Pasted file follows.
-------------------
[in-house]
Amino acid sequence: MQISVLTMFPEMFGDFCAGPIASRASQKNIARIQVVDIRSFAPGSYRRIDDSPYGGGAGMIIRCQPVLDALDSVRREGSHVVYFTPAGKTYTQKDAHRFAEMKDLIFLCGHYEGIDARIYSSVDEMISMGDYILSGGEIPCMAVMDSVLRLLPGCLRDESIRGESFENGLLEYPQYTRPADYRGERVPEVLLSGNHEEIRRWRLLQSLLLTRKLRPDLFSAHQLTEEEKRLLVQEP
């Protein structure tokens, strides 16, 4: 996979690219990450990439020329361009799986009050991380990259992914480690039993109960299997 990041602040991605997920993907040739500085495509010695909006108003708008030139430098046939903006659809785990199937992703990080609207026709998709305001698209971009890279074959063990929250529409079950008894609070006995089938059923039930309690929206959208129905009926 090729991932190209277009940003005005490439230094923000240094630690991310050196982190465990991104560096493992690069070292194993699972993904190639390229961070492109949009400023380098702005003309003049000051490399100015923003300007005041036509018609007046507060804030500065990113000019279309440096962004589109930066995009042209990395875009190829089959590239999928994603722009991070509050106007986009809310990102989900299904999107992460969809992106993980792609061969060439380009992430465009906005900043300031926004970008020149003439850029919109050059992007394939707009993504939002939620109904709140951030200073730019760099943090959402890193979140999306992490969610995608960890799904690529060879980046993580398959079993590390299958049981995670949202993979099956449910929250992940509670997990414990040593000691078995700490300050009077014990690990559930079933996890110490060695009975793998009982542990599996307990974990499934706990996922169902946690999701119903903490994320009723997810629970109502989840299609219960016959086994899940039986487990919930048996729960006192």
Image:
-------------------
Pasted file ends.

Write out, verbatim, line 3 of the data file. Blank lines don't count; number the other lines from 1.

């Protein structure tokens, strides 16, 4: 996979690219990450990439020329361009799986009050991380990259992914480690039993109960299997 990041602040991605997920993907040739500085495509010695909006108003708008030139430098046939903006659809785990199937992703990080609207026709998709305001698209971009890279074959063990929250529409079950008894609070006995089938059923039930309690929206959208129905009926 090729991932190209277009940003005005490439230094923000240094630690991310050196982190465990991104560096493992690069070292194993699972993904190639390229961070492109949009400023380098702005003309003049000051490399100015923003300007005041036509018609007046507060804030500065990113000019279309440096962004589109930066995009042209990395875009190829089959590239999928994603722009991070509050106007986009809310990102989900299904999107992460969809992106993980792609061969060439380009992430465009906005900043300031926004970008020149003439850029919109050059992007394939707009993504939002939620109904709140951030200073730019760099943090959402890193979140999306992490969610995608960890799904690529060879980046993580398959079993590390299958049981995670949202993979099956449910929250992940509670997990414990040593000691078995700490300050009077014990690990559930079933996890110490060695009975793998009982542990599996307990974990499934706990996922169902946690999701119903903490994320009723997810629970109502989840299609219960016959086994899940039986487990919930048996729960006192």